Who I wanted to be when I was 13, 18, and 25 is different to who I want to be now.

Who I want to be in 5 years time will no doubt be different from who I want to be now.  My aspirations will change. My life will change too. My kids will be more grown up. I’d sure be a sad puppy if my business didn’t change either.

What I do increasingly feel is that I know more about who I want to be and what I stand for.  Perhaps it is a simplistic concept.  And people say it all the time – ‘just be yourself’.

But it’s hard to just be yourself, perhaps:

  • work is not allowing you to
  • you don’t feel you have the time to yourself
  • being yourself means creating a lot of change around you
  • you have to do things differently, and that is scary.

(etc, etc, etc!)

I often relate this back to my business and my kids.  The fact is that creating a business is hard work. Raising kids is hard(er).  Doing the two whilst homeschooling feels like a whole other dimension.

It was a couple of years ago that I decided to be somewhat selfish: everything I wanted to do had to evolve around me, my life and how I wanted to work.  I felt this was essential to help me become a happy and productive human being.

Initially this meant working at home with an infant whilst my other 2 boys were at school. Now it means working whilst homeschooling all my boys.  A subtle change? Hmm, not quite.

(2 of) my boys come to work with me It does mean that I work from home or wherever there is wifi.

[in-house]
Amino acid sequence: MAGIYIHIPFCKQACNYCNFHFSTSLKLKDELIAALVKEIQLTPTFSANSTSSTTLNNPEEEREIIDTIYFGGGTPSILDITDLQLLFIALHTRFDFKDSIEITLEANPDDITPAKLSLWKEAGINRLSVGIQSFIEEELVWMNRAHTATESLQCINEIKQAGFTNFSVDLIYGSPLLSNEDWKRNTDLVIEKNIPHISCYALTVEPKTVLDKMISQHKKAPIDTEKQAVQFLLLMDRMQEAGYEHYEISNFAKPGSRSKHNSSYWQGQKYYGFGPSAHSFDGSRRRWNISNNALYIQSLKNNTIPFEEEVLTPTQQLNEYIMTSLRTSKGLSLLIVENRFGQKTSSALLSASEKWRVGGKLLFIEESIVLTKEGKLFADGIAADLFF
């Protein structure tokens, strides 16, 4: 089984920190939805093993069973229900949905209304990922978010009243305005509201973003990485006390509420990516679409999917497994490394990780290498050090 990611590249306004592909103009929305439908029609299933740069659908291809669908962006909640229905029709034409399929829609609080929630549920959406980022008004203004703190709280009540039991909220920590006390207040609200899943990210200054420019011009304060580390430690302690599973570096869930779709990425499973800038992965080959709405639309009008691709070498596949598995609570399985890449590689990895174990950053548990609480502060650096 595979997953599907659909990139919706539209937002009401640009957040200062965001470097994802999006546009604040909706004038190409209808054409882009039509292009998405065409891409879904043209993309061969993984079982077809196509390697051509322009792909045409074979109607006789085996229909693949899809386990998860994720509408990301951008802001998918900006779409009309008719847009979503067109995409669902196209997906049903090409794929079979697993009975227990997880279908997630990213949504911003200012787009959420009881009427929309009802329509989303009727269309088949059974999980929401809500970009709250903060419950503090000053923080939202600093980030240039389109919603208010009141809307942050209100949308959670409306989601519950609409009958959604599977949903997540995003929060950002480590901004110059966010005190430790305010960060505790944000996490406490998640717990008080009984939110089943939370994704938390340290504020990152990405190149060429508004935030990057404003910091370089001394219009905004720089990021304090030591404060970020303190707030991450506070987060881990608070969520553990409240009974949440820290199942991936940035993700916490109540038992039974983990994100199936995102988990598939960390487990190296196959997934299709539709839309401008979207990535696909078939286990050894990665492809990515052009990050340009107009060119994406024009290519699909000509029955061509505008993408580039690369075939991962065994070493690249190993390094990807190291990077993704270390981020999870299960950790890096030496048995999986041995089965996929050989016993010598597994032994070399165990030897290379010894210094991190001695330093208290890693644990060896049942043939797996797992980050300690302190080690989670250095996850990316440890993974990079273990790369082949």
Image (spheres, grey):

It also means I work strange hours. An hour here, a couple there, often late at night.  I’m happy with that. My kids come first, that’s the way it should be.  I’ve also learned to become very efficient with my time.

It also means that I create my own image of myself and my business.  This could come in the form of general branding. However, it can come in many other forms – the way I dress, how I behave, my personality, the effort I give to create something special and fun, the time I spend getting to know people (without giving them a hard sell).

Perhaps the biggest change for me is adapting my business to work for my family.  One example is bringing my kids along with me when I have an event or go to a meeting.  I don’t do it all the time. I did it today for a Rapid Software Testing course.  I brought my #2 and #3 in with me whilst the students got settled.  It wasn’t longer than an hour.  They enjoyed it and liked the drinks and croissants on offer.  I’ve done it for business meetings too – “if you want to talk to me, then we’ll have to meet in a park”.

It felt awkward at first, especially with my youngest (who is 2).  But it’s important for me.  Partly because it’s me ‘ learning to being me’.  But the other part is that (I believe) it helps create conversations and change.

These conversations and hopeful change is what drives me. I want to show people how it is possible to live a life of balance – because frankly society totally lacks it. <– I’ll leave that for another rant.

There Are 3 Types of Learning



I’ve been immersed in learning about learning!

Apparently, there are 3 types of learning: learning to be, learning to do and learning to know.